Repentance and forgiveness must now be proclaimed in His name to all the nations. What Jesus earned for all must be applied to all. When sinners hear the Law, the Holy Spirit brings them to repentance. They then hear forgiveness through the Gospel. Jesus ascended to Heaven so that no people group can lay claim to the Gospel to the exclusion of others. The Gospel is to be proclaimed to all nations—even to all who have done wickedness. Jesus paid for the sins of Putin, the recent mass murderers, and all those who have failed our young through the lack of parental guidance, selfish ideals taught in schools, failed justice systems, the lack of mental health providers, and the failure to bring good systems to those who desperately need them. Many people think we can affectively fix our problems by enacting more laws, which are usually bandaid the problems. Many think they can solve the problems our society faces, just by endless talking. Many think that exercising greatness and strength fill cure all our ills.
God provides another way, one that is much humbler. It is found first in Christ, who humbly accepted the burden of the world’s sin and paid for all sin Himself. He did not, in self-righteous indignation, point His fingers against all who had done wrong. Instead, He bore their sins in His Body and made the ransom payment for their sin. The way of Christ is that of faith in our Savior, who loves the world and gave Himself up for all people.
So how, then, can all these wrongs we see in our society be corrected? First and foremost, as God’s people, we must be in the Word. That way we can confess the truth to others and discern between God’s truth and the world’s lies. We can know what pleases God and what is evil. Then we can extol that which is good.
Second, we pray. As we are in the Word, we learn to pray. As I said on Sunday, for Luther, prayer did not come about so much by our reading the world, but primarily as he read the Word. The more we’re in that Word, the more we pray.
Third, we learn to be faithful to that Word. Look at how much better our world would be if we didn’t have any access to porn, murdering babies, or mind-numbing violent video games. Look at how much better our world would be if we extolled marriage and insisted that couples keep their vows, providing help for them when they struggle. Look at how much better life would be for our children! Most mass murderers do not have both parents in the home, good fatherly mentors, and a healthy set of upright friends. We are so enamored with strength that we give all our attention to the jocks in school and neglect those who are weaker. And then we wonder why they get so messed up! They look for mentors and find them online where countless predators are seeking to devour them. Children are given smartphones which often have no parental controls, opening them up to a very dark, sordid world. At the same time, children spend very little time in Church. There’s no excuse for them to miss Sunday services and our educational offerings.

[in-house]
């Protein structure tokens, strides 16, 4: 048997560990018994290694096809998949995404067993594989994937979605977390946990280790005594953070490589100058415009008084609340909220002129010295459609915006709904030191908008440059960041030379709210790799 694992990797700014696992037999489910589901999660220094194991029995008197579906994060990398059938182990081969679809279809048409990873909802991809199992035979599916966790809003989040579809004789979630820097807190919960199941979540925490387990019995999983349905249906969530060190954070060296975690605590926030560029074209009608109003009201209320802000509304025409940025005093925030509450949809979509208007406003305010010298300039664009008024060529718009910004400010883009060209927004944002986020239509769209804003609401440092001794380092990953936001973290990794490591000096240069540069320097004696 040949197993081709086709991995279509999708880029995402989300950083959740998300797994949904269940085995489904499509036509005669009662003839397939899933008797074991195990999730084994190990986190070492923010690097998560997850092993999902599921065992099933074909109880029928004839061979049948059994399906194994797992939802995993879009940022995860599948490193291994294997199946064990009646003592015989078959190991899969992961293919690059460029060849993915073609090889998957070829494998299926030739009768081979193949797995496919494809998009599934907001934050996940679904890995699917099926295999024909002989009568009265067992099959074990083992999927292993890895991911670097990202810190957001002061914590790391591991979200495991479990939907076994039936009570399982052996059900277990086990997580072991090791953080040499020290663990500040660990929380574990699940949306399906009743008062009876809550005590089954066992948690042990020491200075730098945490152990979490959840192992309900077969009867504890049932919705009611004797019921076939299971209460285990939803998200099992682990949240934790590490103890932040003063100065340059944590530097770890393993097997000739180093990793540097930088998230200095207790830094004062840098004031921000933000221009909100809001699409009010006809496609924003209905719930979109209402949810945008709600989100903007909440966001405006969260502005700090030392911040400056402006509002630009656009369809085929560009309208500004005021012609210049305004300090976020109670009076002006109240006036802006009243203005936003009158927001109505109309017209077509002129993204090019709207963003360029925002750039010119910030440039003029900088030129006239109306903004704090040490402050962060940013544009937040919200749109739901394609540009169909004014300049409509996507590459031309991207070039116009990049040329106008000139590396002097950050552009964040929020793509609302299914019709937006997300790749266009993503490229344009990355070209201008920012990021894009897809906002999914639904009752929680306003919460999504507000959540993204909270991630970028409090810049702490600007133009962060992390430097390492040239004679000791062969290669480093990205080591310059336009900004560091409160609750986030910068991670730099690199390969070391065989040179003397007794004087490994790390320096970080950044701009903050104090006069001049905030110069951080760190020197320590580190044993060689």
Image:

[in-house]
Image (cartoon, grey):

For there’s nothing more important than to teach this saving Word. Jesus said repentance and forgiveness must be proclaimed. Look at how much stronger homes and communities would be if we honored God by abiding in His time-tested divine Word!
Until we return to the Lord, the Creator of all things, and the One who has carried out our salvation, we will be grasping at straws. We may come up with a few worldly solutions that will last for a time, but we will remain a ticking time bomb, producing more mass murderers, drug addicts, pornographers, sex traffickers, and the list goes on. Now is the time to return to the Lord. He not only has the power to make all things new, but He has already proclaimed His victory. Jesus is seated at the right hand of the Father. He has not left us but is always present among us. His enemies become His footstool. He is the Victor. Christ has triumphed.
We long to be with Jesus. His ascension means that the world as we know it is our temporary home. We will leave the possessions behind that we treasure so dearly when we breathe our last and join our Lord in Paradise. Therefore, our eyes are not fixed on what we possess, but they are fixed heavenward, toward our Savior Jesus and the spiritual blessings granted by His grace. Being with the Lord is our fatherland, our heritage, and our eternal home. And so, our hope abides in Christ, who lives and reigns to all eternity. Amen.
The peace of God which passes all understanding keep your hearts and minds in Christ Jesus to life everlasting. Amen